Fastest Train of America – How Fast, History and Future

There is a lot to talk about the trains of America, but in this article we will focus on the fastest train of America.

America has a great, rich railroad history, building its first transcontinental railroad in the 19th century, many things have changed since.

Today, Americans prefer cars traveling over trains, highways over rail tracks. As a result, the passenger railroad infrastructure and the technology deployed in passenger trains have been left behind, compared with the contenders of European or Asian countries.

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Fastest train of America has a top speed of 150 mph, with an average of 84 mph which is almost half of the speed the bullet trains in Europe reach.

The fastest train of America also called Acela Express travels on 447 miles of track, from South Station Boston to Union Station in Washington D.C. The average journey time between point A and B is between 6 hours and 38 minutes to 6 hours and 50 minutes.

Acela Express offers two classes, Business and First Class, both offering great amenities as WiFi, power outlets, meals available, large trays.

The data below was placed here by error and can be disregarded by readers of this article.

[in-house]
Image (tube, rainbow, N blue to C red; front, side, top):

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Fastest Train of America History

Following the Shinkansen network success in Japan, the U.S Congress has passed what is called the High Speed Ground Transportation Act of 1965, which directed the U.S Government to explore ways to build a fast train in America.

As a result, the Metroliner was created in 1969, which operated with a speed of up to 125 mph, between New York City and Washington D.C. The last Metroliner service was on October 27, 2006 when AmTrak Acela fully replaced the Metroliner, becoming the fastest train of America.

The AmTrak Acela project started with AmTrak revealing their plan to build a high speed train; and by the end of the year 1999, they already requested bids from some train manufacturers with the requirement that the train has to reach speeds of up to 150mph.

The Future of the Fastest Train of America

By 2016, AmTrak secured a federal loan package of $2.45 billion to renew it’s fleet, get new equipment for the Acela Express service and upgrade the NEC. The newly funded fleet will have 28 trainsets which will be longer and faster, with speeds of up to 186MPH, they will be built by Alstom in Hornell and Rochester in New York.

References, Wikipedia.org